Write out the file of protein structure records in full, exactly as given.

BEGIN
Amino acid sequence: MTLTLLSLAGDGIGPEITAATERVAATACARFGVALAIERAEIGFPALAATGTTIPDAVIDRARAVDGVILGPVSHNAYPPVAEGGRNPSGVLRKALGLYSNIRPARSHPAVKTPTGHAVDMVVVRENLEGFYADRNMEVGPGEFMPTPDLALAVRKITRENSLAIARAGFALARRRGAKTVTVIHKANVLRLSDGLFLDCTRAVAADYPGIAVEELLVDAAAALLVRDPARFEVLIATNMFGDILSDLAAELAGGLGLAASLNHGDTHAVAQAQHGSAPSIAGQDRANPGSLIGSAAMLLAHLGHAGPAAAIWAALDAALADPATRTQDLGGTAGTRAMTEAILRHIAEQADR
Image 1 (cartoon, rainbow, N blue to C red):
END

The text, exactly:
Amino acid sequence: MTLTLLSLAGDGIGPEITAATERVAATACARFGVALAIERAEIGFPALAATGTTIPDAVIDRARAVDGVILGPVSHNAYPPVAEGGRNPSGVLRKALGLYSNIRPARSHPAVKTPTGHAVDMVVVRENLEGFYADRNMEVGPGEFMPTPDLALAVRKITRENSLAIARAGFALARRRGAKTVTVIHKANVLRLSDGLFLDCTRAVAADYPGIAVEELLVDAAAALLVRDPARFEVLIATNMFGDILSDLAAELAGGLGLAASLNHGDTHAVAQAQHGSAPSIAGQDRANPGSLIGSAAMLLAHLGHAGPAAAIWAALDAALADPATRTQDLGGTAGTRAMTEAILRHIAEQADR
Image 1 (cartoon, rainbow, N blue to C red):